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S.U.P.E.R. Part 5: The Insect Eye Lens from INON

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In our ongoing series S.U.P.E.R. (Scubaverse’s Underwater Photography Equipment Reviews), Nick and Caroline Robertson Brown from Frogfish Photography review new underwater photography equipment, general diving equipment, and some older favourites too. 

For the fifth instalment of S.U.P.E.R., Nick and Caroline take a look at INON’s Insect Eye Lens.

Frogfish 1The INON Insect Eye lens, or to use its full title the INON UFL-M150_ZM80 Underwater Micro Fisheye Lens, is a small lens with a big punch. As this lens is specifically designed to work underwater, it will not produce a coherent image on land, so to get your first view of what it can do, you have to go diving with it. We attached our demo lens to our Fuji XQ2 in the Fuji underwater housing and tried it out in the pool and in open water. It was love at first sight.

Frogfish 4

This lens is a lot of fun! You can get up very close to your subject, and still get a funky wide angle shot of the scene, so if you want something a little different to add to your compact camera setup, then this is a great item.

Retail price is £219 and you will also need a £40 adapter which comes as a 67mm screw thread or bayonet adapter that will fit onto an existing INON mount base for many compact cameras. However, before you rush out and buy this lens, please be aware that it is not compatible with all makes of compact camera, so check with an INON dealer before buying!

Frogfish 3

To use the lens, you will need to zoom through until the vignetting has gone, or you can use it to make a circular frame to your image; it is up to you. Whilst the edges of the shot might not be pin-sharp, it is acceptable and you can get really creative using this lens. The lens is designed for the user to be extremely close to the subject. It provides a 150 degree ultra wide-angle view of a macro subject as close as 0cm from the lens. Having used it in the UK, we are really looking forward to getting this lens into the water in Indonesia, where we can have some fun with the small critters like nudibranchs and frogfish.

Frogfish 2

This lens will not add a huge amount of weight to your compact kit either, as it is small and light. If you are looking for something to make your images stand out from the crowd, then this might be just the thing. It will take some practice to get great images and here are some tips to get you started.

  • Set your zoom position to about 80mm (35mm equivalent).
  • Keep your aperture setting at its maximum (in our case F11) to maximize depth of field.
  • Strobe positioning can be difficult with a subject so close to the lens, so try to keep the strobes behind the lens, angled so that the “edges” of the light catch the subject.
  • Try using a strobe snoot or a constant light source mounted on your camera or even held by your buddy.

Whatever setup you use – the idea of this lens is to go out and have some fun. We did!

Frogfish 7

 

www.frogfishphotography.com

Nick and Caroline (Frogfish Photography) are a married couple of conservation driven underwater photo-journalists and authors. Both have honours degrees from Manchester University, in Environmental Biology and Biology respectively, with Nick being a Fellow of the Royal Photographic Society, a former high school science teacher with a DipEd in Teaching Studies. Caroline has an MSc in Animal Behaviour specializing in Caribbean Ecology. They are multiple award-winning photographers and along with 4 published books, feature regularly in the diving, wildlife and international press They are the Underwater Photography and Deputy Editors at Scubaverse and Dive Travel Adventures. Winners of the Caribbean Tourism Organization Photo-journalist of the Year for a feature on Shark Diving in The Bahamas, and they have been placed in every year they have entered. Nick and Caroline regularly use their free time to visit schools, both in the UK and on their travels, to discuss the important issues of marine conservation, sharks and plastic pollution. They are ambassadors for Sharks4Kids and founders of SeaStraw. They are Dive Ambassadors for The Islands of The Bahamas and are supported by Mares, Paralenz, Nauticam and Olympus. To find out more visit www.frogfishphotography.com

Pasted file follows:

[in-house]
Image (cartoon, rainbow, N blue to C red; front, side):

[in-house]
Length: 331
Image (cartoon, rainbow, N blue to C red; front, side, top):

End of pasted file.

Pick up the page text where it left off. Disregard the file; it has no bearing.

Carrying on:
Marine Life & Conservation

Dive Guides invited to apply for the Green Fins Dive Guide Scholarship

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Reef-World’s campaign is helping dive guides in need receive Green Fins environmental certification

The Reef-World Foundation – international coordinator of the UN Environment Programme’s Green Fins initiative – is calling for dive guides to submit their application for the Green Fins Dive Guide Scholarship.

As a result of the Scholarship campaign, dive guides working around the world – including Brazil, the Philippines, Egypt, Colombia, South Africa, Indonesia and Turkey – have received their certificate proving their status as a Green Fins certified dive guide. Yet, thanks to funding from Reef-World’s partner Paralenz, 149 more scuba diving guides will be able to receive their Green Fins Dive Guide e-Course environmental certification.

Dive guides who meet the criteria (outlined below) can apply for the scholarship at any time through the Green Fins website. To be eligible for the scholarship, guides must:

  • have completed and passed all modules of the Green Fins Dive Guide e-Course
  • be able to demonstrate they or their employer are not financially able to purchase the certificate
  • be a national of a country which receives official development assistance from the Development Assistance Committee (DAC) of the Organisation for Economic Co-operation and Development (OECD).